RFpro has developed a new simulation technology that significantly reduces the industry’s dependence on real-world testing for the development of autonomous vehicles (AV) and advanced driving assistance system (ADAS) technology. The UK software specialist says its new ray-tracing rendering technology is the first to accurately simulate how a vehicle’s sensor system perceives the world.
“The industry has widely accepted that simulation is the only way to safely and thoroughly subject AVs and autonomy systems to a substantial number of edge cases to train AI and prove they are safe,” said Matt Daley, Operations Director at RFpro. “However, up until now, the fidelity of simulation hasn’t been high enough to replace real-world data. Our ray-tracing technology is a physically modeled simulation solution that has been specifically developed for sensor systems to accurately replicate the way they ‘see’ the world.”
RFpro began in 2007 as a vehicle simulation project within a Formula One team. Owned by AB Dynamics PLC since 2019, the company’s vision is for every driving simulator experiment to be conducted using the RFpro engineering-focused simulation engine. In motorsport, the company is the market leader of driver-in-the-loop simulator software, maintaining a library of digital twin road models including test tracks and race circuits for F1, NASCAR, WEC, IMSA, Indy, Formula E, Super-GT, and Australian V8 Supercars. Its automotive customers—car manufacturers, Tier 1 suppliers, and sensor developers—use its products for the development and testing of AVs, ADAS, vehicle dynamics, and human factor studies—starting development not on a test track but in a virtual environment.
Its new ray-tracing graphics engine is said by RFpro to be a superior fidelity image rendering system that sits alongside the company’s existing rasterization-based rendering engine. Rasterization simulates light taking single bounces through a simulated scene. This is sufficiently quick enough to enable real-time simulation and powers its DIL (driver-in-the-loop) solution that is used across the automotive and motorsports industries.
Ray tracing is the company’s software-in-the-loop (SIL) solution aimed at generating synthetic training data. It uses multiple light rays through the scene to accurately capture all the nuances of the real world.
As a multi-path technique, it can reliably simulate the huge number of reflections that happen around a sensor. This is critical for low-light scenarios or environments where there are multiple light sources to accurately portray reflections and shadows. Examples include multi-story car parks, illuminated tunnels with bright ambient daylight at their exits, or urban night driving under multiple streetlights.
Modern HDR (high dynamic range) cameras used in the automotive industry capture multiple exposures of varying lengths of time—for example, in short, medium, and long exposure per frame. To simulate this accurately, rFpro has introduced its multi-exposure camera API (application programming interface). This ensures that the simulated images contain the accurate blurring caused by fast vehicle motions or road vibrations alongside physically modeled rolling shutter effects.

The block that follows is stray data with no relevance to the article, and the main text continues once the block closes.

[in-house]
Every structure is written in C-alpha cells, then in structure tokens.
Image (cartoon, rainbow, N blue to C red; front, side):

“Simulating these phenomena is critical to accurately replicating what the camera ‘sees,’” said Daley. “Otherwise, the data used to train ADAS and autonomous systems can be misleading. This is why traditionally only real-world data has been used to develop sensor systems. Now, for the first time, ray tracing and our multi-exposure camera API is creating engineering-grade, physically modeled images, enabling manufacturers to fully develop sensor systems in simulation.”
RFpro’s ray tracing is applied to every element in a simulated scene, which has been physically modeled to include accurate material properties to create the highest-fidelity images. As this is computationally demanding, it can be decoupled from real-time.
The rate of frame rendering is adjusted to suit the level of detail required. This enables high-fidelity rendering to be carried out overnight and then played back in subsequent real-time runs, overcoming the usual trade-off between rendering quality and running speed.
“Ray tracing provides such high-quality simulation data that it enables sensors to be trained and developed before they physically exist,” explained Daley. “As a result, it removes the need to wait for a real sensor before collecting data and starting development. This will significantly accelerate the advancement of AVs and sophisticated ADAS technologies and reduce the requirement to drive so many developmental vehicles on public roads.”
RFpro’s new ray tracing capability is available now to complement existing desktop options and will also be available soon within high-performance computing solutions.